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gay

Syllabification: gay
Pronunciation: /ɡā
 
/

Definition of gay in English:

adjective (gayer, gayest)

1(Of a person, especially a man) homosexual: that friend of yours, is he gay?
More example sentences
  • Knowing that my son is gay prompted me to consider the issue from another perspective.
  • She admits that she only told her daughters she was gay three years ago.
  • It's not exactly a secret that she is gay.
Synonyms
informal queer
informal queer, camp, pink, lavender, homo
literary Uranian
1.1Relating to or used by homosexuals: feminist, black, and gay perspectives
More example sentences
  • When I lived in Boston there were few gay bars, as everyone there just mixed in straight clubs.
  • He goes on to say that the support of the gay community means the world to him.
  • Their partnership was one of the first openly gay relationships portrayed in popular media.
2Lighthearted and carefree: Nan had a gay disposition and a very pretty face
More example sentences
  • And she laughed, laughed at how happy, gay, and carefree her tone sounded.
  • Some people cannot take criticism, and expect everything to always be happy and gay.
  • Yes I know this must come as a shock to you since I am normally such a gay and carefree chap, brimming with chuckles and mirth.
2.1Brightly colored; showy; brilliant: a gay profusion of purple and pink sweet peas
More example sentences
  • The picture was all the more poignant for me because of the stark contrast offered by the youngsters' skeletal bodies and the gay colours and rich decoration of their mothers' dresses.
  • It was quite a sight, after the War and four years of dreary austerity in England, to see girls whirling round the dance floor in pretty full-length evening dresses in gay colours.
  • So, uh, is the uniform jet black and sombre or colourful and gay?
3 informal offensive Foolish, stupid, or unimpressive: making students wait for the light is kind of a gay rule

noun

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A homosexual, especially a man.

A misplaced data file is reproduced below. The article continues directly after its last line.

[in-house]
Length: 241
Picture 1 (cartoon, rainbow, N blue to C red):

Example sentences
  • The commission suspects hate crimes against gays, lesbians, and transgender people are under-reported.
  • My attitude is that gays and lesbians should have access and opportunity the same way everybody else does, in every institution and walk of life.
  • Discrimination against lesbians and gays in other areas of life is also commonplace.

Origin

Middle English (sense 2 of the adjective): from Old French gai, of unknown origin.

More
  • In its original sense of ‘light-hearted and carefree, exuberantly cheerful’, gay goes back to the 14th century and derives from Old French gai. By the 17th century the meaning had extended to ‘addicted to social pleasures’, often with an implication of loose morality, as in, for example, the expression gay dog (a man fond of revelry), or these lines from William Cowper's poem ‘To a Young Lady’ ( 1782): ‘Silent and chaste she steal along / Far from the world's gay busy throng’. In slang use the word could describe a prostitute. The use of gay to mean ‘homosexual’, now the main meaning, is unambiguously found in examples from the 1930s, though there is evidence that it may have been used in this sense earlier.

Usage

Gay meaninghomosexual,’ dating back to the 1930s (if not earlier), became established in the 1960s as the term preferred by homosexual men to describe themselves. It is now the standard accepted term throughout the English-speaking world. As a result, the centuries-old other senses of gay meaning either ‘carefree’ or ‘bright and showy,’ once common in speech and literature, are much less frequent. The word gay cannot be readily used today in these older senses without sounding old-fashioned or arousing a sense of double entendre, despite concerted attempts by some to keep them alive. Gay in its modern sense typically refers to men (lesbian being the standard term for homosexual women), but in some contexts it can be used of both men and women.

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